Coder in kindergarten. Is it worth it to teach children programming?

Coder in kindergarten. Is it worth it to teach children programming?

Since September 1, 2016, the Ministry of national education has introduced a pilot program for teaching programming in Polish schools, which is also intended to cover kindergartens. This is a revolutionary change that fits in with increasingly strong global trends

So far, men’s activities are an experiment-schools volunteer. In this way, the ministry wants to check the available solutions, test the existing software framework for coding and modify it accordingly. This is the time to develop various forms of support for teachers of computer science, but also for educators involved in early childhood education.

Things are going great in Estonia

Many European countries have already introduced School Programming or he’s planning on doing it soon. From an early age, coding is taught, among other things, by children in the UK. It has implemented the computing at school (CAS) programme, which comprehensively supports teachers: it provides educational materials, organises training sessions and local programming clubs.

Estonia is at the forefront of Europe with its proge tiiger programme, which integrates programming into learning at all levels of education. Estonians put on learning with graphic languages (Scratch, LOGO), introduced elements of robotics (NXT-G, NXC), and older children learn to program mobile applications and learn web technologies. In Spain, the programamos is being implemented.

It is worth noting that in some countries (for example, in the United States) children learn to program in additional classes, on paid or free courses. Extracurricular programming is also an important link in education in many countries. For example bootcamps lasting from 8 to 24 weeks are very popular in the USA. Apprenticeships are organised for older students. Popular in the world are also children’s hackathons, e-Learning, Clubs of young coders, summer schools of programming, wintering grounds.

What’s all this for?

In addition, children can learn to code a particular language, they also have a good opportunity to practice cooperation and teamwork – these skills are very important in the work of a programmer. They also develop the ability to think logically, analyze problems and capture solutions in the form of algorithms.

School programs provide for many elements: testing, debugging, modifying and developing scripts. Children need to exchange information and decide together which solution they will choose. They learn new technologies and turn from consumers into creators. Some of them will find a passion for programming and will take it up professionally. Already, the IT industry is facing a shortage of programmers, and although the effects of changes in schools will not be immediately apparent, in the future we will see a difference.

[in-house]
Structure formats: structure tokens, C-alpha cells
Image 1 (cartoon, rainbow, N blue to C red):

Program the robot

There are different methods and tools-they not only convey knowledge, but encourage further research. Younger children learn to program through play. Collaborative learning and pair programming are very popular. Programming without a computer is also used, developing computational thinking (finding solutions to complex, open problems). Students solve tasks, play board or card games.

For the youngest children robots are very helpful. Teachers have different solutions at their disposal:

  • Photon-polish robot. The more a child can do, the more he activates fucntion – for children from 6 to 12 years

  • Lego Mindstorms and Lego WeGo-robots with blocks that you can program

  • Cubetto-turtle LOGO transferred to the real world

Very useful online tools

  • Scratch – a language designed to teach children programming, you can build simple games, interactive stories

  • Pocket Code-a mobile application with which we program using blocks and puzzles

  • App Inventor-similar to scratch, allows you to program a mobile application

There are also several books

  • Hello Ruby. Programming for children by Linda Liukas

  • JavaScript for Nick Morgan’s kids

  • Learning to code with Craig Richardson’s Minecraft


It remains to be hoped that soon programming will become a permanent part of learning in school, which will facilitate children’s development in a new area, and, by the way, will educate a new generation of coders that will power our native IT companies.

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